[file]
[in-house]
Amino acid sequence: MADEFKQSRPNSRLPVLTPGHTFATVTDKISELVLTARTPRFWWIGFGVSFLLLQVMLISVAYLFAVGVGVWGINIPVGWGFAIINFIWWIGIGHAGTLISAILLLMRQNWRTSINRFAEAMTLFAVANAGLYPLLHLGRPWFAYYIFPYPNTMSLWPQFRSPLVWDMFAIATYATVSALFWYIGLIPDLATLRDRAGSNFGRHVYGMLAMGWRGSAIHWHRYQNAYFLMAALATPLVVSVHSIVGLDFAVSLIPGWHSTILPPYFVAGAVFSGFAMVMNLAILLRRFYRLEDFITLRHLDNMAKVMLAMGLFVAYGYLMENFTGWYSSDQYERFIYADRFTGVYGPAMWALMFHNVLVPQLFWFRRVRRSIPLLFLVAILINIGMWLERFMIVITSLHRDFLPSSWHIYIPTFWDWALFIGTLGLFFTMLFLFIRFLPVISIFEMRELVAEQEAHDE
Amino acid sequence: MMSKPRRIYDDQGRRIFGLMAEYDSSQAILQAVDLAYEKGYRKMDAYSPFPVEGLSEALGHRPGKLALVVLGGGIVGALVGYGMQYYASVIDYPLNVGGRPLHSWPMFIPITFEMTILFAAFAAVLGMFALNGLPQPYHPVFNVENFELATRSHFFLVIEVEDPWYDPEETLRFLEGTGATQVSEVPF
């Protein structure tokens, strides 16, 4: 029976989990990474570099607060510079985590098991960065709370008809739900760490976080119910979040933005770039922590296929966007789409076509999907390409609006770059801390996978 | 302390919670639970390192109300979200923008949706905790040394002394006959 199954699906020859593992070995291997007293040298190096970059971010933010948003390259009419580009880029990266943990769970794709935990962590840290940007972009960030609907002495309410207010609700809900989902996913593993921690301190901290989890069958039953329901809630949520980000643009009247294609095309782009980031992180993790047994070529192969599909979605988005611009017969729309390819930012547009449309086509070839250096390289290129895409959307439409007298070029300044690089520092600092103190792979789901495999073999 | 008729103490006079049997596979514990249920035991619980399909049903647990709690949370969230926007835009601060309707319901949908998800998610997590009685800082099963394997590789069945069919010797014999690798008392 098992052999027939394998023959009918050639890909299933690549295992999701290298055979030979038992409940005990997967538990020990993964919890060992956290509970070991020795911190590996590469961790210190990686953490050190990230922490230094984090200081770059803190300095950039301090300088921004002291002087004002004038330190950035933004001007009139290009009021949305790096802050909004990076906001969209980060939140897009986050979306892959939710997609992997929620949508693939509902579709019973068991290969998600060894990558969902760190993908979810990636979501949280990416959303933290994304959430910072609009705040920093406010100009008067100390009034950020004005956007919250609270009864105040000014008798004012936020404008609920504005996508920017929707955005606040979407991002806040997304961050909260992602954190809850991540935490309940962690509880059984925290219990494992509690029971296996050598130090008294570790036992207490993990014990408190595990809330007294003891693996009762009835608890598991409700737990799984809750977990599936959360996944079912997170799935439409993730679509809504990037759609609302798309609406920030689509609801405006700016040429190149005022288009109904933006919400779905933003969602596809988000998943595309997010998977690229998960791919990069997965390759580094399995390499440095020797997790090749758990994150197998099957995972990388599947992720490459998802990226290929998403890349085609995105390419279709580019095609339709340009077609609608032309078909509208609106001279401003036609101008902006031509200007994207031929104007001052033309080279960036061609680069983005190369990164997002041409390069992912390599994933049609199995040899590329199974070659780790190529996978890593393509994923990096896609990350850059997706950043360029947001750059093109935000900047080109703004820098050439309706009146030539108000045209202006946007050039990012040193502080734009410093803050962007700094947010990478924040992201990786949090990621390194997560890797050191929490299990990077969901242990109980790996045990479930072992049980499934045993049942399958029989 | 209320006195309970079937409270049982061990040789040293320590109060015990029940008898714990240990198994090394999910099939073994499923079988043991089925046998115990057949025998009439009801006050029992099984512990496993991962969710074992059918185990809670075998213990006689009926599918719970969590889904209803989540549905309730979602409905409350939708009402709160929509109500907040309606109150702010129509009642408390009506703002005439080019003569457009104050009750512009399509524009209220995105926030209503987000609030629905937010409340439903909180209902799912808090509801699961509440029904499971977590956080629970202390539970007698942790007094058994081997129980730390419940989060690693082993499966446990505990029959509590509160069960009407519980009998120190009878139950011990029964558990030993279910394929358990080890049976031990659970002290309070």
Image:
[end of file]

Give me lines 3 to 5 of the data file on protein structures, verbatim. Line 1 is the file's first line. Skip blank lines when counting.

Amino acid sequence: MMSKPRRIYDDQGRRIFGLMAEYDSSQAILQAVDLAYEKGYRKMDAYSPFPVEGLSEALGHRPGKLALVVLGGGIVGALVGYGMQYYASVIDYPLNVGGRPLHSWPMFIPITFEMTILFAAFAAVLGMFALNGLPQPYHPVFNVENFELATRSHFFLVIEVEDPWYDPEETLRFLEGTGATQVSEVPF
């Protein structure tokens, strides 16, 4: 029976989990990474570099607060510079985590098991960065709370008809739900760490976080119910979040933005770039922590296929966007789409076509999907390409609006770059801390996978 | 302390919670639970390192109300979200923008949706905790040394002394006959 199954699906020859593992070995291997007293040298190096970059971010933010948003390259009419580009880029990266943990769970794709935990962590840290940007972009960030609907002495309410207010609700809900989902996913593993921690301190901290989890069958039953329901809630949520980000643009009247294609095309782009980031992180993790047994070529192969599909979605988005611009017969729309390819930012547009449309086509070839250096390289290129895409959307439409007298070029300044690089520092600092103190792979789901495999073999 | 008729103490006079049997596979514990249920035991619980399909049903647990709690949370969230926007835009601060309707319901949908998800998610997590009685800082099963394997590789069945069919010797014999690798008392 098992052999027939394998023959009918050639890909299933690549295992999701290298055979030979038992409940005990997967538990020990993964919890060992956290509970070991020795911190590996590469961790210190990686953490050190990230922490230094984090200081770059803190300095950039301090300088921004002291002087004002004038330190950035933004001007009139290009009021949305790096802050909004990076906001969209980060939140897009986050979306892959939710997609992997929620949508693939509902579709019973068991290969998600060894990558969902760190993908979810990636979501949280990416959303933290994304959430910072609009705040920093406010100009008067100390009034950020004005956007919250609270009864105040000014008798004012936020404008609920504005996508920017929707955005606040979407991002806040997304961050909260992602954190809850991540935490309940962690509880059984925290219990494992509690029971296996050598130090008294570790036992207490993990014990408190595990809330007294003891693996009762009835608890598991409700737990799984809750977990599936959360996944079912997170799935439409993730679509809504990037759609609302798309609406920030689509609801405006700016040429190149005022288009109904933006919400779905933003969602596809988000998943595309997010998977690229998960791919990069997965390759580094399995390499440095020797997790090749758990994150197998099957995972990388599947992720490459998802990226290929998403890349085609995105390419279709580019095609339709340009077609609608032309078909509208609106001279401003036609101008902006031509200007994207031929104007001052033309080279960036061609680069983005190369990164997002041409390069992912390599994933049609199995040899590329199974070659780790190529996978890593393509994923990096896609990350850059997706950043360029947001750059093109935000900047080109703004820098050439309706009146030539108000045209202006946007050039990012040193502080734009410093803050962007700094947010990478924040992201990786949090990621390194997560890797050191929490299990990077969901242990109980790996045990479930072992049980499934045993049942399958029989 | 209320006195309970079937409270049982061990040789040293320590109060015990029940008898714990240990198994090394999910099939073994499923079988043991089925046998115990057949025998009439009801006050029992099984512990496993991962969710074992059918185990809670075998213990006689009926599918719970969590889904209803989540549905309730979602409905409350939708009402709160929509109500907040309606109150702010129509009642408390009506703002005439080019003569457009104050009750512009399509524009209220995105926030209503987000609030629905937010409340439903909180209902799912808090509801699961509440029904499971977590956080629970202390539970007698942790007094058994081997129980730390419940989060690693082993499966446990505990029959509590509160069960009407519980009998120190009878139950011990029964558990030993279910394929358990080890049976031990659970002290309070």
Image: